A little over a year ago the tenants of the Artist Colony were sent letters of eviction but the order was postponed for a year and the EJDC raised the rents by 30%. Raffeld recalls that “in the past they renewed our contracts yearly…but suddenly everyone was told to leave, no matter if the artists open their shops regularly. The company now claims that we didn’t agree to the rent raise, we didn’t object but we want contracts that protect us.” According to Gideon Shamir, director of the EJDC, it is primarily about the unpaid rent. The artists refuse to pay the higher rate and therefore they must go; “they pay a very low rent, we wanted to raise it to a more realistic price [According to Raffeld the price of the rent is 45 NIS per square meter]. There was a deadlock and the court order is for them to leave, I can tell you that we approve of thinking about the future of this place, but there is no connection between the future and the fact that the artists refuse to pay. We want this to be a place of culture and tourism.”
There is no doubt that the Artists Colony does not attract tourists. It is hard to find and there is no public parking. The new Mamilla mall funnels tourists into the Old City in a way that would make it surprising if any of them wandered down to the area of the colony. However some tourists do chance upon it. A couple from Toronto remarked after passing, “it looked closed to us, maybe it’s open later, there is nobody there.” They were wrong, half the workshops were open at 10:30am when they had passed, but they looked very much closed from a distance. Majd Ashhab who works in Mamilla and used to park near the place recalls that “they are closed always and they don’t allow us to park there, I’ve never seen anyone walking there.” However three students at the Jerusalem University College who study nearby were surprised to find such a special place in Jerusalem. After wandering by several times they chanced upon the workshops and were delighted to meet the artisans. Lauren Walker from Minnesota thinks that although the steep prices dissuaded her it was nice to meet the artists in the flesh. Josiah Sinclair, another student, who bought a leather belt says “this place is more authentic from the rest of the touristy places, this is how I imagined Jerusalem.”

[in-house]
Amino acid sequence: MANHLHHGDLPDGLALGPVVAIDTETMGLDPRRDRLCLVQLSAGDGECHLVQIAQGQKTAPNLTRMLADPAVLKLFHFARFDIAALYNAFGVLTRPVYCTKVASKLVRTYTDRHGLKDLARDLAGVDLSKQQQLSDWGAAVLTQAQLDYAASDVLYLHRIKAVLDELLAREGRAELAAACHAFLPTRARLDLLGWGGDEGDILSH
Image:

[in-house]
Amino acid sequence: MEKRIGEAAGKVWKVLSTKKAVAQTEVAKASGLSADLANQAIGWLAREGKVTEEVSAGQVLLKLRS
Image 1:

Hotzot Hayotzher faces an uphill battle. The connection between the artists and their landlord seems completely broken. Every year the municipality hosts an artist’s festival called “Hotzot Hayotzer”, but over the past years the artists who have shops in the colony complain of being excluded. Most of the support for the artists comes from personal connections they have made. Goldstein recalls “I made many friends in forty years.” Letters of support have been sent from abroad and are being collected by Anat Galili-Blum, spokesperson of the artists. She believes there is going to be a “protest letter storm, hundreds of letters” from all over the world urging for the eviction to be cancelled. Judging by the connections and high quality craftsmanship that has brought attention to the artists it isn’t an exaggeration. Silversmith Yaacov Greenvurcel’s Judaica has been shown at museums around the world, including the Jewish Museums of Berlin and Vienna. For him “this is a microcosm of what is happening in Israel, the bureaucracy, the mall culture.” Accusations that the artist’s work is outdated are belied by the fact that the artwork of Greenvurcel, Raffeld and Yossi Sagi, among others, appears modern, cutting edge and even chic.